Our entire middle school, every student and staff member, participated in Unity Day today.  Between decorating the banner, the hallways, the drive, sending letters, writing, interviews, and a variety of other activities, students were actively engaged in sending a common message.  When I walked into the cafeteria during grades 5 and 6 lunch, I saw that every student and teacher was wearing something orange.  What an incredible sight! Equally impressive was the 7th and 8th grade representation, and as I completed my end of the day walk through, I was so glad to see the peer interviews happening. Our students are clearly hearing and internalizing the message that anti-bullying efforts are not about a day, or a week, or a month.  Positive change comes one small moment at a time, all stacked up together.  These moments can and need to happen every day, every week, every month, all year and for years to come. We know this at BCEMS, but we sure did have a great time today coming together for this national event.  
We started our day by walking to put posters up on all of the trees that line our drive.



Our office staff participated - Thank you ladies! 

One of the activities completed today

Some of our 7th and 8th graders make a statement. 

Some of our fifth graders.  

Ms. Bettis and two of her students after completing some of their activities.


Mr. Woodard and Mr. Mislak 

One of our behavior specialists - Justine 

Students - every single one (400 of them!) signed the banner today.

Sunday, October 18, 2015


So many things happen each day in our school that help us to feel connected to each other.  Why is that important?  Can kids learn, be their best selves, do what we want them to do, what we need them to do, without that feeling of connectedness and community?  Some might argue that they can. Some might argue that building a sense of community may take a back seat to the many other things that we need to pay attention to.   Building community is not taking a back seat at BCEMS.  The research that confirms the importance of building a sense of community in schools continues to grow. Students who identify their school as having a strong sense of community are more likely to access all of the academic, social and extra-curricular opportunities available to them.  Along with academic achievement, schools with a strong sense of community emphasize the development of qualities essential to good character and citizenship, such as fairness, concern for others, and personal responsibility. Everyone shares an understanding of the school's values, which then shape daily interactions.  These interactions lead to an increased investment in student learning.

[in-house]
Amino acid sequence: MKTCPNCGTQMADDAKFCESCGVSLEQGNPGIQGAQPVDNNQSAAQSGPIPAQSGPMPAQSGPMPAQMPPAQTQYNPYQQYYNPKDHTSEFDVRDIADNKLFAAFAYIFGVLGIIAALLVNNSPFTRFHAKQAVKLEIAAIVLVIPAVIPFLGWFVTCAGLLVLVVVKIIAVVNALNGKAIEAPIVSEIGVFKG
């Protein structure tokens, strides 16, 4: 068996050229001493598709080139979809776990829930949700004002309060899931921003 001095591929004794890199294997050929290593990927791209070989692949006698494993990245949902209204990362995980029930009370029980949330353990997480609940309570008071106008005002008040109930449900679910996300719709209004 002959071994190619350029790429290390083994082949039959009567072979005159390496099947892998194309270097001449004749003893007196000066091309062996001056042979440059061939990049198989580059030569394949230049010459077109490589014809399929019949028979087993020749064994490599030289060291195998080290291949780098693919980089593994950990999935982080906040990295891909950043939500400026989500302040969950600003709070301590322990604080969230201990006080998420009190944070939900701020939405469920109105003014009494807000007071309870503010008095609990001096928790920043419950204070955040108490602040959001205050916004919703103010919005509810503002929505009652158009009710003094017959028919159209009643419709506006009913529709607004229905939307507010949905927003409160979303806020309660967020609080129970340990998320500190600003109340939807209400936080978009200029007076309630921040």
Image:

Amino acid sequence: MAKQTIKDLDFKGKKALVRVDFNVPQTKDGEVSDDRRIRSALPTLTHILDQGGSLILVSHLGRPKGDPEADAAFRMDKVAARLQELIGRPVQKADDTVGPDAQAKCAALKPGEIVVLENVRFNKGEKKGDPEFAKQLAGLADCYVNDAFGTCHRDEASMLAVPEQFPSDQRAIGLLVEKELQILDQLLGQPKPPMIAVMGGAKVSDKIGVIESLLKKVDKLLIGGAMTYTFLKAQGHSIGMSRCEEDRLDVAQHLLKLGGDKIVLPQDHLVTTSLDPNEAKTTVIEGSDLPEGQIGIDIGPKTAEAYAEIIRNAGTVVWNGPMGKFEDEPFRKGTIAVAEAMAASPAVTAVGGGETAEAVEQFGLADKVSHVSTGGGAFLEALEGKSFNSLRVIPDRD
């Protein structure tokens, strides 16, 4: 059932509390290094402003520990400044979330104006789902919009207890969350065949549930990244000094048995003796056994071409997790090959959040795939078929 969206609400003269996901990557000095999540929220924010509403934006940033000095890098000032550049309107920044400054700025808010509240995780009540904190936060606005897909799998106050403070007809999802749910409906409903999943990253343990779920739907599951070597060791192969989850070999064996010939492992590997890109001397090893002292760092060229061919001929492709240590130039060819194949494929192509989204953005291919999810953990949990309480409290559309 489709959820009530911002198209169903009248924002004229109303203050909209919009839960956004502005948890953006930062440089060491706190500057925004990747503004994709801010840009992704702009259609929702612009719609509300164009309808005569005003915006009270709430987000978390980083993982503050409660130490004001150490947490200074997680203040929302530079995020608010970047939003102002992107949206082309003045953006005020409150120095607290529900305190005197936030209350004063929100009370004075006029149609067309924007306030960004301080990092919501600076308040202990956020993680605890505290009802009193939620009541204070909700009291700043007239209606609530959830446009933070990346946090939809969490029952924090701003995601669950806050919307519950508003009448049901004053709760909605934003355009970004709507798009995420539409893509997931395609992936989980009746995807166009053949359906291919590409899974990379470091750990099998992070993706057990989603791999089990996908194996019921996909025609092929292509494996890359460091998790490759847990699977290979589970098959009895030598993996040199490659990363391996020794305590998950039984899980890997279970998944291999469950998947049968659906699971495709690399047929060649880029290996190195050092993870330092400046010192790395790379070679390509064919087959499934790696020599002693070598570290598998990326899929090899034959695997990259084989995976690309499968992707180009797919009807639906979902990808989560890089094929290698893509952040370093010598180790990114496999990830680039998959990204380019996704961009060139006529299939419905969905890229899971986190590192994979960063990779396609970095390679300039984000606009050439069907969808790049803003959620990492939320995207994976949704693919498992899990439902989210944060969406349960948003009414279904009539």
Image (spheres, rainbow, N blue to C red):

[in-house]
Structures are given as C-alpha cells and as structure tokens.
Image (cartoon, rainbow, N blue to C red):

Ms. Cosgrove's TA (Team UJAMAA) starts their day with a group breakfast ~ an opportunity to support each other with whatever they may need. 
Class meetings, cross grade mentoring, the Barre Youth Mentor Project, organized opportunity for student voices to be heard, collaborative learning, restorative practices, whole school celebrations, community service opportunities, cafeteria contributions, pod meetings, plp/explore blocks and advisories are just some of the things happening at Barre City School to help us continue to build our collaborative, connected learning community. These activities help to cultivate respectful, supportive relationships among students, teachers, and parents. These relationships are the heart of who we are and are essential in supporting engaged learning.  
Student agreements posted in the classroom build a sense of community. 

Members of Students on the Move, our student voice group, review the whole school assembly program. 

At our monthly whole school celebration we all danced together to start things off! 

One explore/plp group created a project in our gardens in which they harvested pumpkins and invited younger students to bring one home. 

School wide celebration of fitness - walk, run, fun.

As part of our explore/plp experiences, the PEAK team volunteered their time and harvested 1500 pounds of produce at a local farm! 
Members of the boys soccer team building benches for our fields.

Sunday, October 4, 2015

Visible Learning and Teaching 


Recently I was able to observe the process of formative assessment happening in a 5th grade math class.  

Formative assessment is specific, timely, and directly connected to learning goals. Teachers gather valuable data through this process by observing the actions, behaviors, and words of students. Teachers may take notes as students conference with one another, pair and share, or work in collaborative learning groups. These informal assessments are about checking for understanding in an effective way in order to guide instruction. During my time observing I listened to small group conversations which created opportunities for students to guide their own learning.  Students were successfully applying the new learning and problem solving in the moment. This provided natural opportunities for the students to revise and improve their work products and deepen their understandings.  The teacher and I were also able to quickly connect the “visibility” of her teaching to what her students were able to show about what they had learned.